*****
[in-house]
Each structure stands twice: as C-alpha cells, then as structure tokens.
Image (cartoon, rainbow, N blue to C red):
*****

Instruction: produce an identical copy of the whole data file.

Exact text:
[in-house]
Each structure stands twice: as C-alpha cells, then as structure tokens.
Image (cartoon, rainbow, N blue to C red):